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Charles BORDES (1863-1909)
Mélodies and piano music
track listing below review
Sophie Marin-Degor (soprano); Jean-Sébastien Bou (baritone)
François-René Duchâble (piano)
Texts and translations included
rec. February 2012, Coeur de Ville, Vincennes.
TIMPANI 1C1196 [68:46]

Charles Bordes was a conservatory student of César Franck, who when thinking of his pupils considered him the equal of Duparc. Bordes was an organist but became well-known for his investigations into traditional Basque song - a pursuit which permeated his compositions. He did write instrumental music, but it was largely limited to the years 1886-1891, and indeed the complete piano compositions, the Caprice à cinq temps and Fantaisie rhythmique, date from these years. Above all it is for his songs that he has survived on the fringes of the Franco-Belgian repertoire, and it was to Verlaine that he looked for his primary poetic inspiration. Almost half of his surviving 33 songs set Verlaine.
The songs are fluent, generously lyrical and feature a good balance between questions of vocal line and pianistic inflexion. The urgent declamation of Épithalame, for example, is made the more so by virtue of the idiomatic piano writing and its evocative postlude. The postlude in Promenade sentimentale is notably mysterious. Bordes was certainly not averse to matching Verliane’s intensity with a passionate vein of his own, something exemplified in the setting sung by baritone Jean-Sébastien Bou, Sur un veil air. The music also touches on the pensive and conditional in the case of Soleils couchants as well as the ghostly and grief-laden in Chanson d’automne. Triste, ô triste conveys an ethos of taut melancholia whilst L’Heure du berger seems to strike a rather Fauréan note. Dansons la gigue heavily and deliberately quotes The Keel Row, an unusual undertaking. Mention of Fauré might suggest an affinity, but there is something quite sturdily self-confident about Bordes’ writing that never really takes it in that direction. It must also be noted that there is sometimes a lack of that memorable true melodic quality in some of his settings. The earliest settings are also a little diffuse, but this was something soon rectified.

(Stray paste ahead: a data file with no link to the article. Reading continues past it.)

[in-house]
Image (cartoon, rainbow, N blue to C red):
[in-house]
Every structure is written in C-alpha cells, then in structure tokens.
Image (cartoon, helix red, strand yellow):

The piano music is delightful. I wish he’d written more. I find it more captivating than the songs, largely because of Bordes’ delightful evocation of Basque music - in Caprice à cinq temps - and because of the consistently ear-titillating rhythmic zest he cultivates in the four Fantaisie rhythmique. These are interspersed throughout the programme, arranged like little interludes that break up the songs. The first is a zortico, full of panache and zing, whilst the second is irregular and teasing. No.3 enshrines a degree of Franckian chromaticism, whilst the cleverest of the quartet is the last, a brilliant virtuoso exercise more than deserving a place on the encore list of pianists worldwide.
The performances are loyal and effective. The best of the three musicians is pianist François-René Duchâble who plays the piano cycle wonderfully well and is a most sensitive accompanist to both Sophie Marin-Degor and Jean-Sébastien Bou. Bordes is far more neglected on disc than, say, Cras, de Séverac or Pierné. Indeed this first volume of his songs is hardly reflective of a musical personality as different and in some ways exploratory as theirs. His is a more modest voice, but it’s attractive and, in the case of the piano music, exciting.
Jonathan Woolf

Track listing
Caprice à cinq temps, for piano (1889) [5:30]
Le Son du cor (1888-1896) [2:35]
Promenade matinale (1897) [3:38]
Paysage vert (1894) [1:41]
Épithalame (1888) [3:22]
Sur un veil air (1895) [3:03]
La Bonne Chanson (1889) [2:14]
Fantaisie rhythmique, for piano (1891) Nos. 1 [2:37]: II [1:30]: III [2:48]: IV [3:44]
Soleils couchants [3:05]
Chanson d’automne [1:45]
L’Heure du berger [3:52]
Promenade sentimentale [3:42]
Spleen (1886) [1:59]
Triste, ô triste (1886) [1:56]
Colloque sentimental (1884) [5:05]
Ô mes morts tristement nombreux [5:36]
La Ronde des prisonniers [5:17]
Dansons la gigue [2:39]